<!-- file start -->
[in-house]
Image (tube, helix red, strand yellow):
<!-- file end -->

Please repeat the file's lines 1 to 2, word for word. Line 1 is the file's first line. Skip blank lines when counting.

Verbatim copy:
[in-house]
Image (tube, helix red, strand yellow):